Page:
Beijing Banned A Ton Of Cars And Factories For This Occasion And Got This As A Result
by N/A, 8 years ago |
2 min read
In the weeks leading up to Beijing's 70th annual Military Parade - an occasion celebrating Japan's defeat in WWII - local government placed restrictions on the city's manufacturing plants, ordering most to close down for the period, as well as instructing 5 million registered vehicles to drive on alternating days.
The effect it had on the city's infamously smog-filled atmosphere was astounding. Even more astounding though, was how quickly pollution returned once the restrictions were lifted.
Here's what Beijing's polluted atmosphere looks like normally.
And here it is during the two weeks leading up to the parade.
The contrast is pretty unbelievable. Beijing's skyline, which is normally indistinguishable from more than a mile outside the city, was perfectly visible.
During the ban, Beijingâ€™s average particulate matter levels dropped by a baffling 73.2%.
Over 40,000 construction sites and manufacturing factories were shut down for the two week period - by far the largest contributors to China's air pollution problem.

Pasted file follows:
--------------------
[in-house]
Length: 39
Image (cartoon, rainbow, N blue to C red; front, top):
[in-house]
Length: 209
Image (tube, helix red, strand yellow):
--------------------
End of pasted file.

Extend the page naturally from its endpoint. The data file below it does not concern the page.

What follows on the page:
China's capitol had it's air quality index measured during the stint and it came back a pristine 17 out of 500. For context, it normally hovers between a grotesque 150 and 160.
But within a mere 24 hours of the Military Parade coming to a close, Beijing's noxious, gray smog returned.
The day after, Beijingâ€™s air quality index hit 160 - standard for them, but nonetheless a level at which â€œeveryone may begin to experience some adverse health effects,â€ says the U.S. Environmental Protection Agency.
Understandably, countless citizens were upset as to why more hasn't been done to address Beijing's pollution problem long term, especially considering it's so fixable.
Ultimately, China, and many countries like it, have a choice between two things: development and environment.
It's the difference between short term monetary gain for a few and long term disaster for all, and short term compromise for a few and long term benefits for all. It is, without question, yet another troubling reminder that the people in positions of greatest power in the world may very well be the ones to end it.